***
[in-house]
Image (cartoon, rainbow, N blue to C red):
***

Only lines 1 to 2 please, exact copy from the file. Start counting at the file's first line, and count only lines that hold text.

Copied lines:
[in-house]
Image (cartoon, rainbow, N blue to C red):